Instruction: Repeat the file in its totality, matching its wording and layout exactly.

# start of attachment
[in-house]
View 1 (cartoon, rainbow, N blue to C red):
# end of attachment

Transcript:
[in-house]
View 1 (cartoon, rainbow, N blue to C red):